Some times when we have to review things, you need to balance out the things it does well with the things it doesn't. Or it is slightly overpriced for what it is or what it does. There is always a compromise made, always a few things that you'd change.
It's usual for the most complex decisions to have some long conclusion in which we try and explain the various merits of each element so that the reader can decide what they are demanding from a particular product and if it does the things they'd like.
Not so with the Gigabyte P55-UD5. It's a very simple conclusion. It's well packaged, speedy, easily overclockable, looks lovely, isn't missing anything obvious, well priced and nearly bulletproof.
The LGA1156 motherboards have heralded a return from the truly ridiculous prices that the x58s motherboards came in at. The Gigabyte P55-UD5 is available for around the £145 mark and as you can see from todays results there is almost no reason to upgrade to a x58 if you're still on socket 775.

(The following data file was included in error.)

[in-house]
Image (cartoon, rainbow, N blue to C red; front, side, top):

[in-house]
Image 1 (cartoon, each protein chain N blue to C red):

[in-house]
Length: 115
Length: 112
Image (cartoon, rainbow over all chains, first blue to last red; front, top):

Admittedly todays tests used the most expensive LGA1156 processor, but the 860 is only about a tenner more than the 920 and will clock. That's assuming you even want Hyper-Threading. If you don't the i5 provide all you could ever need.
What you do need though, is the Gigabyte P55-UD5 to run it on. However, it's important for the sake of balance to mention the things that I don't like about it.
Following a long think I'm really struggling. So the best I can do is really nitpick. The IDE header is in a slightly awkward place. It shouldn't really have a floppy header these days. Maybe three internal headers for USB would be better than two. Although it's well priced, with the P55A-UD5 not much more expensive and coming with USB3 and SATA 6GB/s support.
As you can see, very very small problems, and absolutely nothing that affects how much of a premium product this is and I have no hesitation giving it the OC3D Editors Choice award.
Many thanks to Gigabyte
for supplying todays review sample. Discuss this in our forums.